3D Systems buys Bits from Bytes

3D Systems was built on Stereolithography technology. The technology was invented by 3D Systems CTO Chuck Hull in 1986. Right now 3D Systems still is the leading player on the Stereolithography field. But, 3D Systems did not just keep to Sterolithography but rather expanded into SLS (Selective Laser Sintering) machines also. Last year it was 3D Systems that bought the assets of the defunct Desktop Factory. I”m still unsure what 3D Systems wants to do with this technology but former Desktop Factory CEO Cathy Lewis is turning out to be quite an asset in making the company more accessible and well known.

3D Systems has spent the last year acquiring 3D printing service bureaus the world over from specialised ones that do investment casting such as Mqast to regular service bureaus. It is cobbling them together in order to develop a network with one web based 3D printing service called ProParts. With lower material costs than other service bureaus and nice deals on the machines I”m guessing that 3D Systems will want to squeeze a lot of 3D printing service beaureaus in the future.

3D Systems” entry level 3D printer offering has so far consisted of the untested V Flash machine but this was not enough for the company. 3D Systems today acquired Bits From Bytes. Bits From Bytes is a UK Based company making 3D printers and 3D printing kits largely for the educational market. The company is doing well in the UK and elsewhere with the BFB 3000 is more expensive than the more well-known Makerbot device coming in at around $3000 for the assembled device.  But people who own them are impressed by the larger build volume and say the devices are relatively robust and reliable. Having said that a friend of mine owns one and it only works properly while the dryer is on and the printer is printing close to the dryer. The entry level systems are currently all trying hard but not yet reaching the reliability level that consumers are used to from consumer electronics.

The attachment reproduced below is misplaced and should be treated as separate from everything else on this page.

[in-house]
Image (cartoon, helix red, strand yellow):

The 3D Systems acquisition is a huge boost to the bottom of the market and a real validation for the approach taken by Makerbot to putting a device on desks. I would assume that this will get some Sand Hill Road types to call Bre and his buddies over at Makerbot. The Makerbot ecosystem is the main competitor for the Bits and Bytes machines. Makerbot has more traction with the media and a much more vibrant community but the BFB machines can be pre assembled so this is a clear advantage.

3D Systems competitor Stratasys also has a 3D printing service RedEye and it has an entry level 3D printer offering together with HP.  But its $13,000 HP branded printer now looks expensive next to 3D Systems BFB 3D printer. The HP printer should be much more reliable and was aimed for an office market segment rather than a home one. Stratasys” FDM technology is making inroads in the direct digital manufacturing field and it is there that many of the battles for market share in 3D printing are being fought. EOS, the German Selective Laser Sintering vendor has stuck to its guns making only machines as have many of the other smaller 3D printer vendors.

3D Systems currently retails machines in various technologies and in various market segments. With an offering that starts at $3000 and goes up to $100,000,000 in machines 3D Systems is betting heavily on the emergence of both the “desktop manufacturing” market for the home as well as the  “direct digital manufacturing” market for large companies. This coupled with the ProParts service bureau means that 3D Systems now covers almost the entire 3D printing market. But, will the company be able to keep its focus? Will it be able to execute well across the market?

Will 3D Systems be able to integrate all these assets and benefit from them optimally? The jury is still out on that one, but it seems that 3D Systems CEO Abe Reichental is doubling down on the emergence of a mass market for 3D printing.